A couple of years ago I wanted to learn how to solve a Rubik’s Cube without help. It took me about 40 hours. 5 days, 8 hours a day and my fingers were raw because it was trial and error, process of elimination and memorising how faces moved when I input an algorithm. It was a painful, tedious, and often frustrating endeavour akin to torture but I got that thrilling sensation once I got it.

Today I fiddled around with Ableton trying to do some sampling. I’m going to detail my process because I think my attitude throughout was significant. I tried giving Poulenc’s Melancolie a beat, and given Ableton Live’s complexity I was pushing buttons for most of the time trying to figure out what did what – trial and error. When I finally found out how to turn off and on one output (big number button) and crop and split audio clips, I layered the drum beat on top of the clip. Obviously the legato of the pianist wouldn’t conform to the drum beat even with Ableton’s automated warp function (plus my selection had an upbeat.) This is the important bit – when I first heard the combination, I thought it sounded cliche, pretentious, unoriginal, blasphemous, embarrassed and incompetent that I wanted to just stop and go on instagram or something.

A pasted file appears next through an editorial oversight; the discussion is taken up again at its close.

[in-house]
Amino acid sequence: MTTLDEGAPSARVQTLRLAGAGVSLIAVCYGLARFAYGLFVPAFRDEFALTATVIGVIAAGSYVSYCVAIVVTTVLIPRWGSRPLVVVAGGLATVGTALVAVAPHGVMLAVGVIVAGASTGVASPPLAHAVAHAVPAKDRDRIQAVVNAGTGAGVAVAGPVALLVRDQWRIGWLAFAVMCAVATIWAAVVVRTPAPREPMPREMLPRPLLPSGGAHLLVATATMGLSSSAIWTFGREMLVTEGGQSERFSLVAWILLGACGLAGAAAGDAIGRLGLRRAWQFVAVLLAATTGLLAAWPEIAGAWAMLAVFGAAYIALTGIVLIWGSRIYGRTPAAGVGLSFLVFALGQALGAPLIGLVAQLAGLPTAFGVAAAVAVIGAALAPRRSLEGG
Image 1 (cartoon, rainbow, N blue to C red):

I started to question, is this worth the grind? Can’t I use my time to do better and more productive things – over prioritisation. No, I’ve come to realise that all that we do creates a net gain in one way or another – this was just me trying to avoid pain using excuses and self-compromise; it was the same attitude that I would tend to when I was fatigued and frustrated solving that Rubik’s cube.

I discovered that double clicking created an orange warp box with which I could manipulate where the beats fell. It took me a while to interpret Poulenc in waveform and aligning spikes, listening, then re-adjusting them was very tedious but in the end, I got that thrill when upon hearing it, it didn’t sound too bad.

It’s a running joke with my gym buddy,

“Why are we doing this when it’s so hard and unpleasant?”

“Because it’s good for us.”

“Why do things that are good tend to be difficult or unpleasant?”

In the words of Dr. Kelso from Scrubs, “Nothing in this world that’s worth having comes easy.”

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